Unique Clinical Features of Los Angeles Grade D Esophagitis Suggest That Factors Other Than Gastroesophageal Reflux Contribute to its Pathogenesis

Anh D. Nguyen, Stuart J. Spechler, Monique N. Shuler, Rhonda F. Souza, Kerry B. Dunbar

Research output: Contribution to journalArticle

1 Citation (Scopus)

Abstract

BACKGROUND:: The Los Angeles (LA) grade of reflux esophagitis (A to D) is assumed to reflect severity of the underlying gastroesophageal reflux disease (GERD). Thus, LA-D esophagitis patients might be expected to have the most conditions predisposing to GERD (eg, obesity, hiatal hernia), and the highest frequency of GERD symptoms. GOALS:: The main goal of this study is to compare clinical features of patients with the most severe (LA-D) and mildest (LA-A) grades of esophagitis. STUDY:: For this comparative study, we searched our endoscopy database for patients diagnosed with LA-D or LA-A esophagitis, reviewed their endoscopic images, and reviewed medical records of the first 100 we confirmed to have LA-D or LA-A esophagitis. RESULTS:: Compared with LA-A patients, LA-D patients were older (mean age, 65±13.4 vs. 56±13.4 y; P<0.001), had lower body mass index (25.9±5.6 vs. 29.4±5.3; P<0.001), were more frequently hospitalized (70% vs. 3%; P<0.001), and in the intensive care unit (15% vs. 0%; P<0.001), and had significantly more serious cardiopulmonary disorders and gastrointestinal bleeding. Conversely, a GERD history was more common in LA-A than LA-D patients (67% vs. 45%; P=0.002). Hiatal hernia was more frequent in LA-A patients than LA-D patients, but not significantly (48% vs. 36%; P=0.09). CONCLUSIONS:: LA-D esophagitis primarily affects hospitalized, older, nonobese patients who often have serious comorbidities, and no history of GERD or hiatal hernia. In contrast, LA-A patients are generally younger, obese outpatients who often have a history of GERD and hiatal hernia without serious comorbidities. These profound differences between LA-A and LA-D patients suggest that factors other than typical GERD contribute to LA-D esophagitis pathogenesis.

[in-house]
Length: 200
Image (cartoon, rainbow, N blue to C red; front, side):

Original languageEnglish (US)
JournalJournal of Clinical Gastroenterology
DOIs
StateAccepted/In press - Jun 21 2017

Fingerprint

Los Angeles
Esophagitis
Gastroesophageal Reflux
Hiatal Hernia
Comorbidity
Peptic Esophagitis

ASJC Scopus subject areas

  • Gastroenterology

Cite this

@article{7ef41a7ce441415783a5c4b0ba3a141d,
title = "Unique Clinical Features of Los Angeles Grade D Esophagitis Suggest That Factors Other Than Gastroesophageal Reflux Contribute to its Pathogenesis",
abstract = "BACKGROUND:: The Los Angeles (LA) grade of reflux esophagitis (A to D) is assumed to reflect severity of the underlying gastroesophageal reflux disease (GERD). Thus, LA-D esophagitis patients might be expected to have the most conditions predisposing to GERD (eg, obesity, hiatal hernia), and the highest frequency of GERD symptoms. GOALS:: The main goal of this study is to compare clinical features of patients with the most severe (LA-D) and mildest (LA-A) grades of esophagitis. STUDY:: For this comparative study, we searched our endoscopy database for patients diagnosed with LA-D or LA-A esophagitis, reviewed their endoscopic images, and reviewed medical records of the first 100 we confirmed to have LA-D or LA-A esophagitis. RESULTS:: Compared with LA-A patients, LA-D patients were older (mean age, 65±13.4 vs. 56±13.4 y; P<0.001), had lower body mass index (25.9±5.6 vs. 29.4±5.3; P<0.001), were more frequently hospitalized (70{\%} vs. 3{\%}; P<0.001), and in the intensive care unit (15{\%} vs. 0{\%}; P<0.001), and had significantly more serious cardiopulmonary disorders and gastrointestinal bleeding. Conversely, a GERD history was more common in LA-A than LA-D patients (67{\%} vs. 45{\%}; P=0.002). Hiatal hernia was more frequent in LA-A patients than LA-D patients, but not significantly (48{\%} vs. 36{\%}; P=0.09). CONCLUSIONS:: LA-D esophagitis primarily affects hospitalized, older, nonobese patients who often have serious comorbidities, and no history of GERD or hiatal hernia. In contrast, LA-A patients are generally younger, obese outpatients who often have a history of GERD and hiatal hernia without serious comorbidities. These profound differences between LA-A and LA-D patients suggest that factors other than typical GERD contribute to LA-D esophagitis pathogenesis.",
author = "Nguyen, {Anh D.} and Spechler, {Stuart J.} and Shuler, {Monique N.} and Souza, {Rhonda F.} and Dunbar, {Kerry B.}",